I feel like more often than not I need to apologise to my book club when it’s my turn to pick our monthly read. Though maybe I will be the only one of us who found YOU WILL KNOW ME more of a slog than anything labelled thriller ought to be. Maybe my club mates will have found the things I missed…the things that have garnered the book its many accolades and glowing reviews.

YOU WILL KNOW ME is the story of the Knox family. Though narrated by mum Katie the story – indeed the Knox family itself – revolves entirely around daughter Devon. She of the extraordinary gymnastic talent. A potential Olympian no less. When a young man who is connected to the community that has built up around Devon and her dreams is killed in a hit and run incident there’s a lot more worry about how the situation might affect Devon’s chances of securing the next rung on the ladder to Olympic stardom than genuine concern about Ryan’s death. Which is, I guess, the point.

My lack of connection to this book could be due to the fact I don’t know or care anything about competitive gymnastics. Except that I can be completely consumed by art which draws me into a world I know nothing and care even less about. Dick Francis has made me cry about horses more than once and Connie Britton (and friends) had me binge-watching a TV show about American football when I don’t even watch the local kind as a sport. But I was not drawn into the gymnastics world depicted by this book because that depiction felt pretty superficial. Though perhaps that was the point after all.

As a novel of suspense the book also failed me. There really wasn’t any. At all. Despite a lot of portentous statements (a pet peeve). “The incident” happens more than a third of the way into the book which of itself is not necessarily a bad thing but neither the lead up nor the subsequent action offer much in the way of drama. The early stuff is either dull as dishwater or scene-setting “how psychopaths can be formed in suburbia” material and I found the resolution drawn-out and completely predictable. Maybe I’ve read too many of these things.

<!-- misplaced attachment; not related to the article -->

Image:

The book’s characters didn’t do much for me either. Katie Knox is really the only one who I felt was drawn with any depth to her and even that was only a relative thing. Maybe teenage girls who have spent their entire lives at the centre of their universe can’t have any depth to them. But I found the minor characters – including Devon’s dad Eric, her coach, the parents of her fellow gymnasts and the girlfriend of the man whose inconvenient death causes a blip in Devon’s life – shallow and unengaging too. Katie’s story and her choices are, ultimately, pretty gobsmacking and seem deserving of more consideration but I feel like the author allowed the potential of this genuinely original tale to get lost amidst the teen angst and parental bitchiness.

Or maybe I just missed whatever it is that everyone else sees here. I found YOU WILL ALWAYS KNOW ME a disappointment but I am definitely in the minority.

♦ ♦ ♦ ♦ ♦ ♦ ♦ ♦ ♦ ♦
Narrator Lauren Fortgang
Publisher Hachette Audio[2016]
Length 9 hours 11 minutes
Format audio (mp3)
Book Series standalone
Source of review copy I bought it

Posted in book review, Megan Abbott, USA | 2 Comments

Review: WHERE ROSES NEVER DIE by Gunnar Staalesen

I occasionally wonder if authors of long-running series anticipate new readers with every book or assume that at some point they are writing for existing fans only. I wonder this because as a reader I am generally reluctant to break into a series that has hit double-digits long before I have read a single volume. There is, after all, just so much I can never know unless I go back to the beginning. But, being determined to read the shortlist for this year’s Petrona Award, I decided to have a go at the 19th book featuring Norwegian private investigator Varg Veum even though I’ve not read any of its predecessors.